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The Sun had a 'culture of illegal payments to sources' says police chief

The senior police officer leading the phone hacking probe gave evidence to the Leveson inquiry into media ethics today.

The Sun proprietor Rupert Murdoch
The Sun proprietor Rupert Murdoch
Image: Lewis Whyld/PA Wire/Press Association Images

THE SUN NEWSPAPER had a culture of making illegal payments to corrupt public officials in return for stories, a senior police officer has told the Leveson inquiry into UK media ethics today.

The revelations came as the paper’s proprietor Rupert Murdoch announced that its first-ever Sunday edition had sold more than three million copies. The media tycoon also said in a statement that such practices of illegal payments “no longer exist” at his newspaper.

Sue Akers, a Metropolitan Police deputy assistant commissioner, told the Leveson inquiry that the newspaper openly referred to paying its sources and that such payments had been authorised at a senior level.

Akers said journalists at The Sun had paid not only police officers but also military, health and other government officials.

She said that in one case an official received a total of £80,000 over several years and one journalist had been given more than €150,000 pounds in cash to pay his sources.

Payments went far beyond acceptable practices such as buying sources a meal or a drink, Akers said adding that “a network of corrupted officials” had provided The Sun with stories that were mostly “salacious gossip.”

“There appears to have been a culture at The Sun of illegal payments, and systems have been created to facilitate such payments whilst hiding the identity of the officials receiving the money,” said Akers, who is in charge of a police investigation into phone hacking.

Akers did not indicate when or if the payments had ended, but Murdoch has insisted that practices at The Sun have since changed.

“As I’ve made very clear, we have vowed to do everything we can to get to the bottom of prior wrongdoings in order to set us on the right path for the future. That process is well under way, he said.

The practices Sue Akers described at the Leveson inquiry are ones of the past, and no longer exist at The Sun.

Sun on Sunday sales

Police are currently holding three parallel investigations spawned by the hacking scandal, which grew out of revelations that journalists at the News of The World routinely hacked voicemails of ordinary people, politicians, and celebrities.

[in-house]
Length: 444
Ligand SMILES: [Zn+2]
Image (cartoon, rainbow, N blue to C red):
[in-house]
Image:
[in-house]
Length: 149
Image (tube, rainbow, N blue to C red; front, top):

The scandal caused widespread outrage last July when it emerged that journalists had hacked into the voicemail of murdered schoolgirl Milly Dowler. The News of The World was subsequently shut after 168-years.

More than a dozen current and former journalists from the two papers – both owned by Murdoch’s News International – have been arrested over allegations of phone hacking or bribing public officials.

Several Murdoch executives have resigned because of the scandal, as have two of Britain’s top police officers who were accused of not doing enough to get to the bottom of the wrongdoing at the News International titles.

Murdoch launched his new Sunday tabloid, the Sun on Sunday, yesterday in Britain and Ireland. He tweeted today to reveal that inaugural edition had sold 3.26 million copies.

The Irish edition of the newspaper sold 185,000 copies, described by the paper’s consumer champion Michael Doyle as a “great opening week”.

Elsewhere at the Leveson inquiry today, a former senior police officer said that the private investigator Glenn Mulcaire, who was jailed for phone hacking in 2006, had information on the new identities of people who had been placed under the witness protection program in the UK.

“For this to be in the hands of Mulcaire and potentially the News of the World is clearly worrying,” Brian Paddick, now a Liberal Democrat London mayoral candidate, said.

The former Deputy Prime Minister John Prescott, whose own phone was hacked by the News of The World, accused Murdoch of having a corrupting influence on British politics.

“I always thought it wrong that politicians at the highest level were so close to Murdoch, because Murdoch asked a price,” the Labour politician said. “I thought it gave a kind of corrupting influence — not in the payment sense but in the power sense.”

- additional reporting from AP

Also today: Church ‘sickened and disgusted’ by actions uncovered in hacking case

Sun on Sunday goes on sale in Britain and Ireland

About the author:

Hugh O'Connell

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